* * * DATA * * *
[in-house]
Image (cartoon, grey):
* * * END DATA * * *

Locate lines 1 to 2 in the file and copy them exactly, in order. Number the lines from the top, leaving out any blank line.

[in-house]
Image (cartoon, grey):